How can the World Bank truly be a game changer in eradicating child labor?

“Be a bit of a game changer” was the call the World Bank made for itself during the 5th Global Conference on the Elimination of Child Labor. But what does this mean in practice? We offer four key recommendations and opportunities for the Bank to turn rhetoric into reality by addressing the push-pull factors that lead to child labor and using its lending to catalyze systematic reform.

From May 15 to 20, 2022, the Government of South Africa hosted the 5th Global Conference on the Elimination of Child Labor to share good practices and push for accelerated action.  The resulting Durban Call to Action is clear: more needs to be done to achieve significant change. According to UNICEF and the ILO, global trends on child labor continue to be alarming with more than 160 million children engaged in child labor, 70 percent of them in agriculture. The Call to Action includes 49 immediate and effective measures governments should take to end child labor with an emphasis on agriculture around 6 main commitments: 1) decent work for adults; 2) end child labor in agriculture; 3) data driven and survivor-informed policy and programmatic responses; 4) realize access to education; 5) universal social protection; and 6) increase financing and international cooperation.

In the session on financing the elimination of child labor a high-level representative of the World Bank said the Bank should do everything it can to eliminate and reduce child labor and “be a bit of a game changer.” The following day, in the child labor in agriculture session, the Bank highlighted the importance of having an Environmental and Social Standard (ESS) on labor issues (ESS2), the lessons learned from Uzbekistan, and the commitments to address child labor in their projects in Ivory Coast and Ghana.

For the Bank to use its comparative advantage to help implement the Durban Call to Action, the Bank should: 

  1. Use its investments and technical support to address the push pull factors that lead to child labor. Implementing all of the measures set forth in ESS2 to prevent the use of all forms of forced labor and child labor in Bank-financed projects is critical. In particular, monitoring in Nepal demonstrates a need for the Bank to improve its processes for age verification. However, to avoid contributing directly or indirectly to the causes and circumstances that enable child labor, the Bank needs to go beyond simply eradicating child labor on its project sites and supporting access to education. It should prioritize investing time, technical support, and money in social protection to address child labor pull-push factors such as household poverty, lack of access to health and social services, food insecurity, limited access to markets and job insecurity, as well as other industry/sector and country/context related factors. If families do better, children will do better. Additionally, the Bank needs to include a gender perspective in its efforts to prevent child labor to address its differentiated causes and consequences. Risk assessments should also be completed on an ongoing basis throughout the project cycle to allow for tailored and timely action.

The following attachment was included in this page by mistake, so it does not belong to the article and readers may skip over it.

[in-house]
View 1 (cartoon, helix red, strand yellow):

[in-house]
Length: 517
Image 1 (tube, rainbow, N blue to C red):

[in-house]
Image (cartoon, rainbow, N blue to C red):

2. Catalyze systemic reform to eradicate child labor. The Bank has 564 active projects in the agriculture, fishing, and forestry sector in 120 countries and 8,290 locations, with $27.36 billion in committed financing. Considering that agriculture is the industry with the highest rates of child labor, the World Bank should prioritize supporting its clients to use Bank-funded agriculture projects as a tool to eradicate child labor in the sector. In doing so, the Bank should also use its leverage to put in place policies to eradicate child labor, for example by providing technical and financial support to the development of national action plans to eradicate child labor and including components in relevant projects to strengthen labor inspection agencies. It should also use its influence to address structural corruption, promote policy coherence, and directly address people's needs at grassroot levels. 
  3. Proactively engage with children and civil society organizations (CSOs) around child labor. More child participation is needed during the Bank's project cycle. Children will continue to be left behind and child labor can never be eradicated if the decision makers do not hear directly from children and understand their views on how to tackle the issue. The Bank’s engagement with CSOs working closely with project-affected communities, including CSOs with expertise on child labor, child protection, and children’s rights, and verification that Borrowers also consult with them is critical. This will enable the Bank and its Borrowers to collect information around child labor issues in particular regions and/or sectors, develop targetted measures to prevent contributing to child labor through its projects, and have a conduit to local organizations that may be able to alert the Bank and Borrower should child labor arise on or around a project. The Bank's commitment to engage with CSOs in its Ivory Coast Cocoa project is promising and, if implemented well, can serve as a best practice for future projects.  

The Bank has the mandate, expertise, and tools necessary to make a real impact as part of the global effort to eliminate child labor. We hope the Bank will step up to the task and lead the way for peer institutions to follow suit.